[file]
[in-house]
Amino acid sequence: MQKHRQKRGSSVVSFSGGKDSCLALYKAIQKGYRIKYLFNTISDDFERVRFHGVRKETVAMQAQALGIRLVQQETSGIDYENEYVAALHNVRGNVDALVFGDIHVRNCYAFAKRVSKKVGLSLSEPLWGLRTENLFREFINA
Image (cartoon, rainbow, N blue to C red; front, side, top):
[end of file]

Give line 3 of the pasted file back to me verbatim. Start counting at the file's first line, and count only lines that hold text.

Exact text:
Image (cartoon, rainbow, N blue to C red; front, side, top):